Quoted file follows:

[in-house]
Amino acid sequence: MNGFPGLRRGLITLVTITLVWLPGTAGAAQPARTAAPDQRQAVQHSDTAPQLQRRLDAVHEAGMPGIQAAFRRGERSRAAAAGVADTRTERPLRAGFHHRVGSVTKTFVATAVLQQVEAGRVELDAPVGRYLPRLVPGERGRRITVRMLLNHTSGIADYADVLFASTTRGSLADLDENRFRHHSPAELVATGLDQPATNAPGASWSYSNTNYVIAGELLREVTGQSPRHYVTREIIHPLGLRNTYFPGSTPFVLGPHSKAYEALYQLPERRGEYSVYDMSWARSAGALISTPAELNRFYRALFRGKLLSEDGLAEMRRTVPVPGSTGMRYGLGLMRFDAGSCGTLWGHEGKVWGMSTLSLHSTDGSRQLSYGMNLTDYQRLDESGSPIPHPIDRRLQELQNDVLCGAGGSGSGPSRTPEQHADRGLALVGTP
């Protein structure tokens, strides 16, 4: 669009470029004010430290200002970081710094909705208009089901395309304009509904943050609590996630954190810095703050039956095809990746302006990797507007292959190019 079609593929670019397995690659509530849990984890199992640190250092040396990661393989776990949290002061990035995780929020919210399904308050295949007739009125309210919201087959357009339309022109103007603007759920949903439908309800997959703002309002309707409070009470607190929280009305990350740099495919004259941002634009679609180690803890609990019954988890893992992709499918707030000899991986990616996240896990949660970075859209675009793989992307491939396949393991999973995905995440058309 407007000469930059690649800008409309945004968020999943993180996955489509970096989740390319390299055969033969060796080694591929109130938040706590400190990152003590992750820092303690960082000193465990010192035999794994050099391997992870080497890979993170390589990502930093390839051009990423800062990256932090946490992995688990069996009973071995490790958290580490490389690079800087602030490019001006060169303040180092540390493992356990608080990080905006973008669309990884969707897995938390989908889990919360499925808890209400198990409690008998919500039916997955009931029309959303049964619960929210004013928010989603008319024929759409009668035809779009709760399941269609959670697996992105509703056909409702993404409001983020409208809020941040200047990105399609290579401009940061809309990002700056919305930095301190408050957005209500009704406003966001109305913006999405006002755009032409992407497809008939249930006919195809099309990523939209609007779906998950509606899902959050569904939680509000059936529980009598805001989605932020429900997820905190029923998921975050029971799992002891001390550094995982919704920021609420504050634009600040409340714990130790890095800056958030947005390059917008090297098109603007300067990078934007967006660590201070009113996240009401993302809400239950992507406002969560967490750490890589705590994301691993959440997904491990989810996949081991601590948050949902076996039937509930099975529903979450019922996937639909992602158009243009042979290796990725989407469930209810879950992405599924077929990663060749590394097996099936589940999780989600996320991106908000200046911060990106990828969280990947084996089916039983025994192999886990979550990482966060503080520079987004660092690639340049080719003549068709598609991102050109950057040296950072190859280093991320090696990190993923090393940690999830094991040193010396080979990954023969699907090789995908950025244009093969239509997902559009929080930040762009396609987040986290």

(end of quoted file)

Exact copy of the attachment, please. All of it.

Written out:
[in-house]
Amino acid sequence: MNGFPGLRRGLITLVTITLVWLPGTAGAAQPARTAAPDQRQAVQHSDTAPQLQRRLDAVHEAGMPGIQAAFRRGERSRAAAAGVADTRTERPLRAGFHHRVGSVTKTFVATAVLQQVEAGRVELDAPVGRYLPRLVPGERGRRITVRMLLNHTSGIADYADVLFASTTRGSLADLDENRFRHHSPAELVATGLDQPATNAPGASWSYSNTNYVIAGELLREVTGQSPRHYVTREIIHPLGLRNTYFPGSTPFVLGPHSKAYEALYQLPERRGEYSVYDMSWARSAGALISTPAELNRFYRALFRGKLLSEDGLAEMRRTVPVPGSTGMRYGLGLMRFDAGSCGTLWGHEGKVWGMSTLSLHSTDGSRQLSYGMNLTDYQRLDESGSPIPHPIDRRLQELQNDVLCGAGGSGSGPSRTPEQHADRGLALVGTP
């Protein structure tokens, strides 16, 4: 669009470029004010430290200002970081710094909705208009089901395309304009509904943050609590996630954190810095703050039956095809990746302006990797507007292959190019 079609593929670019397995690659509530849990984890199992640190250092040396990661393989776990949290002061990035995780929020919210399904308050295949007739009125309210919201087959357009339309022109103007603007759920949903439908309800997959703002309002309707409070009470607190929280009305990350740099495919004259941002634009679609180690803890609990019954988890893992992709499918707030000899991986990616996240896990949660970075859209675009793989992307491939396949393991999973995905995440058309 407007000469930059690649800008409309945004968020999943993180996955489509970096989740390319390299055969033969060796080694591929109130938040706590400190990152003590992750820092303690960082000193465990010192035999794994050099391997992870080497890979993170390589990502930093390839051009990423800062990256932090946490992995688990069996009973071995490790958290580490490389690079800087602030490019001006060169303040180092540390493992356990608080990080905006973008669309990884969707897995938390989908889990919360499925808890209400198990409690008998919500039916997955009931029309959303049964619960929210004013928010989603008319024929759409009668035809779009709760399941269609959670697996992105509703056909409702993404409001983020409208809020941040200047990105399609290579401009940061809309990002700056919305930095301190408050957005209500009704406003966001109305913006999405006002755009032409992407497809008939249930006919195809099309990523939209609007779906998950509606899902959050569904939680509000059936529980009598805001989605932020429900997820905190029923998921975050029971799992002891001390550094995982919704920021609420504050634009600040409340714990130790890095800056958030947005390059917008090297098109603007300067990078934007967006660590201070009113996240009401993302809400239950992507406002969560967490750490890589705590994301691993959440997904491990989810996949081991601590948050949902076996039937509930099975529903979450019922996937639909992602158009243009042979290796990725989407469930209810879950992405599924077929990663060749590394097996099936589940999780989600996320991106908000200046911060990106990828969280990947084996089916039983025994192999886990979550990482966060503080520079987004660092690639340049080719003549068709598609991102050109950057040296950072190859280093991320090696990190993923090393940690999830094991040193010396080979990954023969699907090789995908950025244009093969239509997902559009929080930040762009396609987040986290």